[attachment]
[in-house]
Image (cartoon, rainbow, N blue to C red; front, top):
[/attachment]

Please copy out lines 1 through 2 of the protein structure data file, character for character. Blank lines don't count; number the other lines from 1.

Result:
[in-house]
Image (cartoon, rainbow, N blue to C red; front, top):